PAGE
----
Tuesday’s ballot was packed with races and issues.
There were some big surprises, close races and a lot to keep up with.
Here’s a look at 10 highlights from the election:
1. It’s DeWine vs. Cordray Round 2
Democrat Richard Cordray and Republican Mike DeWine each fended off challengers from within their political parties on Tuesday and will now face each other in the governor’s race this fall.
It’ll be a rematch of 2010 when the two men battled one another in the race for attorney general. DeWine ousted Cordray from the attorney general’s office that year, beating him by 48,686 votes out of 3.8 million ballots cast.
Ohio’s next governor faces daunting challenges: fixing a chronically under-funded unemployment compensation fund, working with public colleges and universities to help train future workers and produce graduates who aren’t swamped in debt, and addressing the opiate addiction crisis that killed more than 4,000 Ohioans in 2016. Additionally, the next governor will have to decide whether to continue Kasich’s expanded Medicaid, which offers health care to an extra 725,000 low-income Ohioans, and pays for addiction treatment.
2. Darryl Fairchild beats the machine
Community activist Darryl Fairchild twice ran for Dayton commissioner and lost. Tuesday night he scored the local upset of the election.
Daryl Ward had the backing of Dayton Mayor Nan Whaley, other commissioners and the Montgomery County Democratic Party.
“I met with some young voters, and they are so disillusioned with the political climate, and they found a breath of fresh air in my authenticity and my integrity, and I hope I bring that to the commission,” he said.
3. Jim Renacci will be Ohio’s Trump test in the fall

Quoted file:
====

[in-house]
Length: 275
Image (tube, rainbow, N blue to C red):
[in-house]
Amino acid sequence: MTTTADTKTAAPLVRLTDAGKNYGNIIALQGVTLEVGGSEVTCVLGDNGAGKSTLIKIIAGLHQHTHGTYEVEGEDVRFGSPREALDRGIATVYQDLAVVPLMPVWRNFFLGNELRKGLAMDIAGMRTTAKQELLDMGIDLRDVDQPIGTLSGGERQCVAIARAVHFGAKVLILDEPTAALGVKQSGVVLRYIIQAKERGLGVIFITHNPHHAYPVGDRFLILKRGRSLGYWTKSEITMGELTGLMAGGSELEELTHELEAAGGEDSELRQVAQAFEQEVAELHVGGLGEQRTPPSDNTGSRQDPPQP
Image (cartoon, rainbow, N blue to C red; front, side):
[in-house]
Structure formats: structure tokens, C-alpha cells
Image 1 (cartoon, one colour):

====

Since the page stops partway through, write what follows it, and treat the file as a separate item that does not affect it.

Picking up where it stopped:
President Donald Trump didn’t get involved in the Republican primary for governor, but he did get involved in Ohio’s U.S. Senate primary, backing Akron-area Congressman Jim Renacci over Cleveland businessman Mike Gibbons.
The president was in Cleveland just days before the election with Renacci right there with him.
“He’ll be fantastic,” President Trump said of Renacci.
In November, Renacci will face Democratic Sen. Sherrod Brown, a test of the power of Trump in Ohio.
President Trump won Ohio by almost 9 points in 2016, but Brown is predicted to have the upper hand this fall.
If Renacci were to defeat Brown, it will send a signal nationally that Ohio may be a red state going forward, taking it off the table in 2020 as states such as Arizona and Georgia become more unpredictable.
4. In 2022, we will see if State Issue 1 makes a difference
Ohio voters have overwhelmingly approved a constitutional amendment that will change the way the battleground state draws congressional districts.
Now we have to wait until after the 2020 Census to see if it works.
The latest proposal aims to curb gerrymandering, the partisan manipulation of political boundaries that’s seen as a cause of partisanship, gridlock and incivility in Washington.
The amendment limits how counties are split into multiple districts and requires more support from the minority party to put a 10-year map in place.
If lawmakers can’t agree, an existing bipartisan commission will take over. If that fails, the majority party can pass a shorter-term map.
The first election it will impact is in 2022.
5. First-time candidate with local support Ohio House primary
With all votes counted in both Darke and Miami counties, Jena Powell of Arcanum has beaten three other Republicans in one of region’s most expensive statehouse primary races.
She won almost 50 percent of the vote. John W. “Bud” O’Brien of Troy came in second with 21 percent of votes. J.D. Winteregg of Troy was third with 19 percent and George H. Lovett of Tipp City got about 11 percent.
Current State Rep. Steve Huffman is leaving the seat to run for state Senate.
6. Future of Kil-Kare site in flux
Who says your vote doesn’t matter?
Two votes. That is the unofficial margin separating opponents of a Kil-Kare Speedway rezoning request from supporters of the plan.
If that tally stands when the results are certified, that would trigger an automatic recount by the board of elections.
The owner of Kil-Kare sought the zoning change to allow for a possible “store and locks” type of facility. However, a group of citizens were concerned about other possible activities that the zoning change could lead to, including adult entertainment types of businesses.
The citizens hired a lawyer and petitioned to put the referendum on the May 8 ballot.
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